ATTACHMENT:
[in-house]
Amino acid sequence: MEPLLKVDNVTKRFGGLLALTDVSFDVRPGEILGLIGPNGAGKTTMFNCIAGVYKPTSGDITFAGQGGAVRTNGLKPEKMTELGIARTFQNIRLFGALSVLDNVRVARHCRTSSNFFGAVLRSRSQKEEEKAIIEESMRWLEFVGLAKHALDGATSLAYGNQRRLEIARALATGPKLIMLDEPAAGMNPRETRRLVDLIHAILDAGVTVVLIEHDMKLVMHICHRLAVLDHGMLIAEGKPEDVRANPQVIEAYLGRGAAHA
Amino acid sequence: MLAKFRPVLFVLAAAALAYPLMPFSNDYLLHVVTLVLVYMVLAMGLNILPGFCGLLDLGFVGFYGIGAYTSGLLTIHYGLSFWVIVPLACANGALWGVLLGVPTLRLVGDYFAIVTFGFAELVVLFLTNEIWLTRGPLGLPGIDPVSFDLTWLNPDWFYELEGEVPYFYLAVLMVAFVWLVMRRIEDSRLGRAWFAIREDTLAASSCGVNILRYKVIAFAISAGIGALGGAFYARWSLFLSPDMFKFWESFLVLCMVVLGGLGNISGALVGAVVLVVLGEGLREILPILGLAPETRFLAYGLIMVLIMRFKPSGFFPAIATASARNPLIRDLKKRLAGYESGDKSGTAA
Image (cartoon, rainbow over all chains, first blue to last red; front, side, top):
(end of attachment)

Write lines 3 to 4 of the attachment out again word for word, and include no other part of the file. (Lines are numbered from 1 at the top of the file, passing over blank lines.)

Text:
Amino acid sequence: MLAKFRPVLFVLAAAALAYPLMPFSNDYLLHVVTLVLVYMVLAMGLNILPGFCGLLDLGFVGFYGIGAYTSGLLTIHYGLSFWVIVPLACANGALWGVLLGVPTLRLVGDYFAIVTFGFAELVVLFLTNEIWLTRGPLGLPGIDPVSFDLTWLNPDWFYELEGEVPYFYLAVLMVAFVWLVMRRIEDSRLGRAWFAIREDTLAASSCGVNILRYKVIAFAISAGIGALGGAFYARWSLFLSPDMFKFWESFLVLCMVVLGGLGNISGALVGAVVLVVLGEGLREILPILGLAPETRFLAYGLIMVLIMRFKPSGFFPAIATASARNPLIRDLKKRLAGYESGDKSGTAA
Image (cartoon, rainbow over all chains, first blue to last red; front, side, top):